Gov. Jay Inslee lobbied personally on behalf a proposal for universal background checks of gun purchasers toward becoming law, but the House Democratic leadership wasn't prepared to take a vote on Monday.
Inslee visited the chambers of the state House of Representatives early Monday to lend his weight to gathering votes for the measure. Of the 50 votes necessary to send the bill to the Senate, 47 were lined up as of the governor's visit, according to the bill's sponsor, Seattle Democratic Rep. Jamie Pedersen.
After spending time in private offices on the Democratic side of the chambers, the governor then headed onto the floor, to talk with Rep. Maureen Walsh, a Walla Walla Republican. After Inslee finished with Walsh, House Republican leader Rep. Richard DeBolt of Chehalis stopped by Walsh's desk.
House Speaker Frank Chopp and the Democrats have a solid 55-to-43 majority but they apparently have a number of their own members unwilling to support the measure. it appeared that they were unwilling to bring the bill to a vote without assurance that they would win. After hours of suspense, the Democrats gave up on efforts to schedule a vote for Monday. But the House still has Tuesday and Wednesday to pass the bill.
The measure would close the so-called gun show loophole by requiring that anybody selling a gun get a state background check on the buyer. Currently only licensed gun dealers are required to get the checks. Under the proposal, failing to get the check would be a crime on the part of the seller.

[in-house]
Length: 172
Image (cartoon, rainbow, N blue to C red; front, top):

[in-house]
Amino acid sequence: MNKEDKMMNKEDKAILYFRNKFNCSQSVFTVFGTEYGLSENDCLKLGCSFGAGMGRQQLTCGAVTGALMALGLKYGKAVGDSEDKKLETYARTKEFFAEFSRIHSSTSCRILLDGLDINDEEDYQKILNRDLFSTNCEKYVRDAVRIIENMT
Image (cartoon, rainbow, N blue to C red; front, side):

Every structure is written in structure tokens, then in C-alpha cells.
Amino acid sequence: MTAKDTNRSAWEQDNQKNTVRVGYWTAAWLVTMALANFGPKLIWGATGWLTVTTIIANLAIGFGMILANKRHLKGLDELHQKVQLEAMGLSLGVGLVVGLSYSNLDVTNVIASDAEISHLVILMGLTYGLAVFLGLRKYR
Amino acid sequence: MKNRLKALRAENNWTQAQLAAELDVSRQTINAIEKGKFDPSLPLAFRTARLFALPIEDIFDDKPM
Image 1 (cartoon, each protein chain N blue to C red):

The measure has had some bipartisan support from the beginning, with Republican Rep. Mike Hope of Lake Stevens joining Pedersen as a co-sponsor. But lobbying heated up as the bill moved toward a vote by the whole House. Shortly before the public hearing for the bill, the National Rifle Association sent out mailers in Hope's district, and a spokesman for the organization went on the record saying that the measure was intended to create a government list of gun owners. Soon after, however, another gun rights lobby — the Citizens Committee for the Right to Keep and Bear Arms — joined the sponsors of the initiative in working to improve the bill.
Pedersen said he changed parts of the bill not only to suit that group, but also in response to requests from police in the state, who asked that law officers be exempt.
Other than the 47 confirmed votes, Pedersen said six were on the fence, and that the bill might very well see a floor vote today. The bill needs a one-vote majority to pass in the House, or three more votes of the six.
Even if the bill clears the House, it faces a tough road in the Senate, where it would likely be sent to the Law and Justice Committee. The chair of that committee, Spokane Republican Sen. Mike Padden, used common procedural maneuvers to block five moderate gun safety bills earlier in the session. After that hearing Padden refused to comment on the fate of Pedersen's bill, should it make it to the Senate. Instead he would only say that any gun control bill that came to his committee would have "a tough row to hoe."
If the bill couldn't clear Law and Justice, its only hope would be invocation of a seldom-used procedural maneuver where a majority of legislators can force a vote on any bill, even those that died in committee.